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From a new US Food and Drug Administration (FDA) approval to promising research findings and ongoing debates over cost, news related to insulin led to increased interest in this important hormone. Some experts believe that automated insulin delivery represents the "next generation of research" in diabetes technology. On August 22, the FDA expanded the approval for the Omnipod 5 (see Infographic).
In January, the device was cleared for use in persons aged 6 years or older. It is the third semiautomated closed-loop system approved in the United States and the first that is tubing-free. The Omnipod 5 integrates with the Dexcom G6 continuous glucose monitoring system and a smartphone to protect against high and low glucose levels by automatically adjusting insulin. A clinical trial in children aged 2-5.9 years found that the device increased the time spent in target glucose range (70-180 mg/dL) by 11% (2.6 hours more per day).
The future of automated insulin delivery systems is exciting to many in the field. According to Greg Forlenza, MD, who works at the Barbara Davis Center for Childhood Diabetes in Colorado, "This next round of research will involve systems that use cloud-based, real-time tuning of systems." The goal is that the new devices won't require provider expertise to fine-tune systems but will use cloud-based data to provide feedback on what adjustments are needed in real time. The hope is that this will allow patients with diabetes increased flexibility. As Forlenza explained, "For users who want to take a step back, want to take a break from diabetes for a few days, want to go out on a Friday night and be like their peers, the systems will be able to provide automated meal dosing in a way that is robust…the level of control that will be achieved by the system alone will be very acceptable and better than the average control was 10 years ago."
Excitement about developments for patients with type 1 diabetes in particular is growing. Aaron J. Kowalski, PhD, CEO of JDRF, says that advances in insulin delivery are crucial. "Today, in 2022, we have three commercially available systems (Medtronic, Insulet, and Tandem), and we have what we call do-it-yourself systems that people have put together, built their own algorithms, that allow people to control their diabetes off their cell phones." Like Forlenza, Kowalski sees the benefits extending beyond just glycemic control. "We have to appreciate that there's more to life than diabetes. Hybrid closed-loop systems help improve our quality of life, whether it's sleeping through the night, fewer alarms, or less anxiety about lows."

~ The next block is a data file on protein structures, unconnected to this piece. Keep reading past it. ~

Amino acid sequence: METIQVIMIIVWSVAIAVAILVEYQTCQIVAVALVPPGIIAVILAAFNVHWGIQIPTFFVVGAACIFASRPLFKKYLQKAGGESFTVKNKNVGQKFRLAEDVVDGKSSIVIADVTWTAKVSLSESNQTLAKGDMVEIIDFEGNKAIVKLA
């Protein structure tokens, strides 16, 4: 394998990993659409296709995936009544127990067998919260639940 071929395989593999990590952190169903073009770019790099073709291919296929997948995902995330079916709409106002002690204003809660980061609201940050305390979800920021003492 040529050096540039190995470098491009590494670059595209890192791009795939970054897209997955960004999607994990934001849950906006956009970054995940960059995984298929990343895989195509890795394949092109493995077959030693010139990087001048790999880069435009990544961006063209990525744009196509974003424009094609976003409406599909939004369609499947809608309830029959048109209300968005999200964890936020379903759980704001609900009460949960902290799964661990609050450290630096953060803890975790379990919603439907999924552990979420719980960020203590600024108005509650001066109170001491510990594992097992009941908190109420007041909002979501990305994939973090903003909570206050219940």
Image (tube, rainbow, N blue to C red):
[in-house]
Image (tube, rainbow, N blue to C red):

Beyond delivery systems, emerging research could herald a new therapeutic era for type 2 diabetes. Targeting insulin resistance, as opposed to hyperglycemia, may be key. Findings involving a biologic called PATAS suggest that focusing on the mechanism that underlies type 2 diabetes is an intriguing strategy. PATAS, which stands for "peptide derived from PKC alpha targeting ALMS," treats the source of type 2 diabetes. It is the first of a novel class of drugs called "adipeutics," which address insulin resistance. In animal studies, PATAS has been shown to restore glucose absorption in the dysfunctional adipocyte. According to researchers, "liver steatosis and fibrosis were considerably reduced in all diabetic animal models tested, including in one of the reference models for fatty liver disease, namely the Japanese STAM mouse model. Thus, PATAS reduced hepatic steatosis by 60% and hepatic fibrosis by 40% after only one month of treatment at a dosage of 2 mg/kg/week." A phase 1 clinical trial is planned for 2023.
Despite advances in insulin-related research, concerns about cost remain. Thankfully, in January, the cost of insulin for patients on Medicare will be capped at $35 a month. This will help around 2 million people who currently pay an average of $572 annually out-of-pocket for insulin. Approximately 7 million Americans require daily insulin, and 14% of those individuals spend almost half of their income (after food and housing expenses) on insulin. Although relief is coming for some, those who will not benefit from the cap continue to express worry about pricing.
Between promising developments and familiar concerns, a wide range of news about insulin resulted in its becoming this week's top trending clinical topic.
Learn more about type 1 diabetes.
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Any views expressed above are the author's own and do not necessarily reflect the views of WebMD or Medscape.
Cite this: Ryan Syrek. Trending Clinical Topic: Insulin - Medscape - Sep 16, 2022.